The Okta Mess Is Even Worse Than It Appears
On March 1, 2022, Okta, the cloud-based identity management company, was going great guns. Okta’s fiscal year 2022 revenue had just come in and it totaled $1.30 billion and had grown 56% year-over-year. Its customers included FedEx, Moody’s, T-Mobile, JetBlue, and ITV and it was Federal Risk and Authorization Management Program (FedRAMP) approved. What could go wrong? Three weeks later we found out.
The hacking group LAPSUS$ revealed that they’d gotten their way into Okta’s systems and showed off screenshots to prove it. On Telegram and social networks, LAPSUS$ mocked Okta saying, “For a service that powers authentication systems to many of the largest corporations (and FEDRAMP approved) I think these security measures are pretty poor.”
Okta replied that there was little to see here:
In late January 2022, Okta detected an attempt to compromise the account of a third-party customer support engineer working for one of our subprocessors. The matter was investigated and contained by the subprocessor. We believe the screenshots shared online are connected to this January event.”
Okta concluded, “Based on our investigation to date, there is no evidence of ongoing malicious activity beyond the activity detected in January.”
Later the same day, Okta Chief Security Officer David Bradbury admitted, “After a thorough analysis of these claims, we have concluded that a small percentage of customers — approximately 2.5% — have potentially been impacted and whose data may have been viewed or acted upon. We have identified those customers and already reached out directly by email.”
That doesn’t sound like the information you usually find on a third-party customer support engineer laptop to me.
Nature of the Attack
Subsequently, Okta said an attack had actually been made on Okta via a Sitel support engineer’s computer. The attacker had started a Remote Desktop Protocol (RDP) session on the laptop. From there, the attacker used Okta’s customer support engineer Super User application. Despite the scary name, Okta states that it only gives read access to some files. More worryingly, Super User could reset passwords and multifactor authentication (MFA). That’s big-time bad news.
Sitel admitted there had been a security breach in January but didn’t confirm the exact details of the breach. Okta would eventually admit that the attacker had potentially had access to Okta’s data for five days.
Still, Okta insists that while data could have been collected, such as Jira tickets and user lists, there was no impact on Auth0, HIPAA, or FedRAMP customers.
Okta is admitting, however, that since it had known about the potential security invasion since January, the company really should have notified its customers then. Instead, the company waited until after the LAPSUS$ fox revealed to the world it had been in the Okta chicken house.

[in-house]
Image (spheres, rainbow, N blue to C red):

Worse Than Initially Admitted
Now, it appears the attack was even worse than Okta first admitted. Independent security researcher Bill Demirkapi tweeted, LAPSUS$ created “backdoor users in Sitel’s environment after retrieving an Excel document conspicuously titled “DomAdmins-LastPass.xlsx”
Yeah, that’s rather a big red flag there.
Demirkapi asks the very good questions: “My questions for Okta: You knew that the machine of one of your customer support members was compromised back in January. Why didn’t you investigate it? Having the capability to detect an attack is useless if you aren’t willing to respond.” And, Even when Okta received the Mandiant [security incident] report in March explicitly detailing the attack, they continued to ignore the obvious signs that their environment was breached until LAPSUS$ shined a spotlight on their inaction
He doesn’t let Sitel off either. “Why weren’t your customers immediately informed upon the first sign of compromise? Why did your customers have to wait two months to even hear that you were breached?”
All good questions and there are no good answers.
As for LAPSUS$? United Kingdom police arrested a sixteen-year-old in Oxford and six other teenagers and young people for being behind the group. It seems they had used simple social engineering to break into companies that employed help desk personnel. They also, seriously, advertised for people willing to compromise their companies.
Once in, as Demirkapi pointed out, they “used off-the-shelf tooling from GitHub for the majority of their attacks.”
So, it appears this major cybercrime group is just one-step above script kiddies in their technical expertise.
Still, that puts them ahead of other groups. Clearly, a company such as Okta, and its partners, that work with such vital security matters as enterprise single-sign-on (SSO) must do a better job of stepping up their own security. A security chain is only as secure as its weakest link.
Okta and company must also do better at being transparent with their customers. When there’s even a chance that users’ login information is at risk, the customers must be kept in the loop. It’s that simple. No one likes to admit to security mistakes, but waiting until after there’s been an exploited vulnerability only makes you look even worse.